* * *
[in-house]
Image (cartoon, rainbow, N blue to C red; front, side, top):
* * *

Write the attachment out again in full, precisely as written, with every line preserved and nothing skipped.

[in-house]
Image (cartoon, rainbow, N blue to C red; front, side, top):